Diagnosis, Pathophysiology, and Management of Mood Disorders in Pregnant and Postpartum Women

University of Toronto, Toronto, Ontario, Canada
Obstetrics and Gynecology (Impact Factor: 5.18). 04/2011; 117(4):961-77. DOI: 10.1097/AOG.0b013e31821187a7
Source: PubMed


Mood disorders disproportionately affect women across the lifespan. Mood disorders in pregnancy and the postpartum period are common and have profound implications for women and their children. These include obstetric and neonatal complications, impaired mother-infant interactions, and, at the extreme, maternal suicide and infanticide. Because obstetrician-gynecologists are often the first (and sometimes the only) point of contact for young women in the health care system, familiarity with the presentation and treatment of depressive illness in the perinatal period is imperative. The goal of this review is to synthesize essential information on depressive illness in the perinatal period with a focus on its most common and severe presentations, major depressive disorder and bipolar disorder. Accurate diagnosis of unipolar major depressive disorder from bipolar disorder can facilitate the selection of the best possible treatment alternatives. Counseling may be sufficient for perinatal women who have mild to moderate depression, but women who are severely depressed are likely to require antidepressant treatment. Women with bipolar disorder are at high risk for relapse if mood stabilizer medication is discontinued, and they are vulnerable to relapse near the time of delivery. Comanagement of their care with psychiatrists will increase their chances of avoiding a recurrence of illness.

Download full-text


Available from: Kimberly Ann Yonkers, May 09, 2014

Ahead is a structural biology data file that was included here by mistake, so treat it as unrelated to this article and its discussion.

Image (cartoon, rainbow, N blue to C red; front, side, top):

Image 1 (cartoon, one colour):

51 Reads
  • Source
    • "In the presence of a de-afferented neuronal pathway , the effect of a pleasurable stimulus from falling in love or recreational stimulants could be greatly amplified. Childbirth may act in a similar way, as the rapid withdrawal of high levels of oestrogen leaves hypersensitised dopaminergic receptors [34]. Antidepressants may not always give pleasure per se, but they may act on precisely the monoamine pathways that we hypothesise become hypersensitised in depression. "
    [Show abstract] [Hide abstract]
    ABSTRACT: Bipolar disorder, characterised by extreme cyclical variations in mood between depression and mania, is a common, debilitating and sometimes fatal psychiatric condition with an unclear aetiology. In this paper we propose a hypothesis for the development of bipolar disorder through which neuroplastic changes in response to an index depressive episode leads to the amplification of subthreshold pleasurable stimuli that then drive conversion into a manic state. This 'pleasure deafferentation hypothesis' is reached through a discussion of the neuroscientific basis of deafferentation at the level of the neuron and its role in the development of various neurological and psychiatric phenomena before a case for deafferentation as applied to bipolar disorder is justified and its implications discussed.
    Medical Hypotheses 09/2015; DOI:10.1016/j.mehy.2015.09.023 · 1.07 Impact Factor
  • [Show abstract] [Hide abstract]
    ABSTRACT: Many women suffering from major depressive disorder during pregnancy are hesitant to initiate or continue antidepressant treatment during preconception planning, conception, pregnancy, and lactation (perinatal period). Over the past few decades, various psychotherapeutic approaches have been found to be efficacious for depression in general population research. Several observational and quasi-experimental studies also suggest that psychotherapy can be a safe first-line treatment for perinatal women with mild to moderate depression. This article summarizes findings to date regarding the use of psychotherapy for depression occurring during pregnancy and describes the adaptations made to tailor the treatment to the unique needs of women in the perinatal period.
    Current Psychiatry Reports 08/2011; 13(6):459-66. DOI:10.1007/s11920-011-0230-2 · 3.24 Impact Factor
  • Source
    Obstetrics and Gynecology 09/2011; 118(3):708; author reply 708-9. DOI:10.1097/AOG.0b013e31822bd7e3 · 5.18 Impact Factor
Show more